South Korea has just inaugurated bullet train service and it has taken a big bite out of Korean Air's and presumably Asiana's business.
April 2, 2004
Bullet Train Remakes Map of South Korea
By JAMES BROOKE
, South Korea, April 1 - Speeding through patchwork landscapes of rice paddies and 20-story apartment buildings, a fleet of blue and gray bullet trains made South Korea decidedly smaller on Thursday.
With sleek new French-designed trains hitting 185 miles an hour, 100 miles an hour faster than older trains here, the new service is already reworking the face of this nation, prompting airlines to cut scores of domestic flights and sending real estate prices soaring in backwaters suddenly seen as future suburbs of Seoul, a capital with Tokyo-level apartment prices.
On the world stage, the bullet trains herald South Korea's coming of age. The next generation of high-speed locomotives under development here is called G7
, a clear nod to Korea's ambition to join the Group of Seven industrialized nations.
"Following Japan, France, Germany and Spain, we have become the fifth country to run a high-speed train," the acting president, Goh Kun, said on Tuesday at an inauguration ceremony for the service at Seoul Station. This newly rebuilt terminal of soaring steel and sunlit glass is part of a five-year, $1 billion program to build 12 bullet train stations. When the network is complete, in 2010, the 18-year project is expected to have cost about $17 billion, the largest civil engineering undertaking in Korean history.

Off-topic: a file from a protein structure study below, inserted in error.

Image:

High-speed rail, for 40 years a Japanese preserve, is spreading in middle-class Asia as a glut of vehicles slows traffic. In October, Taiwan is to inaugurate a Japanese-built, 210-mile bullet train between Taipei and the southern port of Kaohsiung. By year's end, China is expected to choose a foreign partner to help build an 807-mile high-speed link between Beijing and Shanghai, which could cost $12 billion by 2008. One bidder is Alstom, the French company that provided most of the technology for South Korea's new train.
The new era for South Korea began on Thursday with the start of high-speed service on the first three-quarters of the 253-mile distance from Seoul to here.
In 1970, South Korea showed its industrial ambitions with its first limited-access highway, along the same corridor. But in South Korea, where 48 million people live in an area the size of Indiana, traffic jams now cost the economy about $20 billion a year, largely in lost working hours. While South Korea is renowned for having nearly universal high-speed Internet access, highway speeds can be torturous.